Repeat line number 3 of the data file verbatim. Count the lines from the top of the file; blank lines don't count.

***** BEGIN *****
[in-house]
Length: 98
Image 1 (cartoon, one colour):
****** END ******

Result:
Image 1 (cartoon, one colour):